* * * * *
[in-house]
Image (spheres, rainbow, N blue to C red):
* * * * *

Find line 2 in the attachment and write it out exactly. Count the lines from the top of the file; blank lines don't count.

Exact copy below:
Image (spheres, rainbow, N blue to C red):